Look for ways to increase your visibility and build closer business relationships without being obvious about it. Chat up your coworkers when you bump into them in the lounge or at the watercooler.

Look for ways to establish more rapport with both your bosses and your colleagues, by finding common ground. Do they read the same types of books as you? Watch the same TV shows? Enjoy the same hobbies? Love the same foods or drinks or obscure collectibles?

Beyond building closer relationships, get clear on how your employer measures your performance. Ask your supervisor for a few minutes of their time to get a better sense of your current performance, how you can improve it, and how it’s measured.

You don’t have to beat around the bush. Try something like, “Hey Bob. I wanted to check in with you about how I’m doing and what you’d like to see me do more or less of. I like this job. I like working with you and the team and would love to expand my role around here.”

As the conversation takes shape, ask, “In my next formal performance review, what metrics do you use to evaluate my performance?” It’s hard to improve if you don’t know what they’re looking at.

You can then start keeping a log or spreadsheet of exactly how you create value for your employer. If they don’t track your metrics themselves, then periodically find an excuse to show them exactly how well you’re performing.

Pick up new skills and certifications. Stay on top of continuing education in your field. Read industry newsletter to stay in the know.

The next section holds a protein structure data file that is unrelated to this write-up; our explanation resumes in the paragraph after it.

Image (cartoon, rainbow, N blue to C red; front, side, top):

Even if your job isn’t in jeopardy, demonstrating value will help position you for a raise sooner than your colleagues.

Look for a New Job While You Still Have One

In one of life’s bitter ironies, it’s much easier to find a job when you already have one.

Start by updating your resume with all your current job activities and accolades. Outline the success metrics you’ve been tracking to illustrate how much value you’re bringing your current employer. Avoid corporate jargon and insider acronyms. They don’t make you look smart or sophisticated — quite the opposite.

But your resume updates are the beginning, not the end. Ask around to find at least two people to give you feedback: one person in your industry, and one person who frequently reviews resumes and makes hiring decisions. Ideally, send them an electronic copy of your resume, and then schedule an in-person meeting or phone call for them to provide feedback on how you can improve it. Wrap up the meeting by asking permission to send them your revised resume.